Are you sure?

EU to warn Italy to curb debt, make pension changes

The European Union will warn Italian Prime Minister Romano Prodi's government that it must implement pension changes in a „rigorous” way in order to cut spending and curb its rising debt, according to a draft ruling.

Government debt in Italy, the euro region's third-largest economy, rose last year to 107.6% of GDP, government estimates show, the second straight yearly increase and the highest in the 13-nation euro area. Debt will continue to grow without cuts in pensions spending, the EU will say, according to the draft document obtained by Bloomberg News.
Italy is expected to reduce its budget deficit this year to below the EU limit of 3% of GDP for the first time since 2002, the European Commission said last month. Still, the government's overall debt is bigger than the nation's economy and well above the EU's ceiling of 60% of GDP. Prodi's administration should „rigorously pursue fiscal consolidation so as to put the debt-to-GDP ratio on a declining path,” EU ministers said in the draft report, which will be discussed at a February 27 finance ministers' meeting in Brussels.
The final report is expected to be endorsed by European heads of state at a summit March 8-9. Italy should also „fully implement the pension reforms with a view to improving the long-term sustainability of public finances,” according to the draft report.

Prodi's government is divided over the urgency of changing the pension system again, after warnings by the European Commission and rating agencies over Italy's debt and spending. The country has the third-lowest birth rate in the EU and contributions to the system won't keep pace with retirement spending as the population ages. Bank of Italy head Mario Draghi last month renewed a plea for the government to raise the current retirement age in order to ease the burden of one of the most expensive pension systems in the EU.
Pension spending will only decline to 13.8% of GDP in 2050 from 14.1% in 2005, according to the state auditor. That's even after three changes to the system, including a 2004 law raising the retirement age. Finance ministers also will urge Germany and France, the largest economies in the euro area, to cut government spending and improve competition, according to the draft ruling.

French Finance Minister Thierry Breton will need to cut spending and take into account the nation's aging population. The EU document said „the meeting on pension systems scheduled for 2008 will have to hang on to the gains made following the introduction of the 2003 reform.” In 2003, the French Parliament passed a law shoring up the country's overburdened pension system by raising the number of years people pay into the state funds and granting tax breaks for private retirement plans. France won approval from the EU last month for its plans to keep its budget deficit under the EU limit for a third year. Breton expects the French budget deficit to fall to 2.5% of GDP this year after a shortfall „close to 2.6%” in 2006.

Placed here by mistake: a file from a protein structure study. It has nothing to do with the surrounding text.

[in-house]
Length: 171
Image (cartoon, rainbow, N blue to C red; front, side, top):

The European Commission, the EU's executive body, forecasts a budget gap of 2.6% in 2007 and 2.2% next year, below the EU's limit. In Germany, the government must reduce debt, introduce health-care reform, open up markets and improve competition in the rail, gas and electricity sectors, the draft report said. „Germany is making good progress overall,” according to the draft. Germany's budget deficit will be 1.5% of GDP this year, within the EU limit of 3% of GDP for a second year.
In 2008, it will be also be 1.5%, according to the government's stability program. „Germany needs to continue to consolidate public finances,” after the excessive deficit procedure is lifted this year, EU Monetary Affairs Commissioner Joaquin Almunia said on February 9. „I have no fears at all regarding the commitment of the German government and regarding the positive attitude of the German government,” Almunia said. (Bloomberg)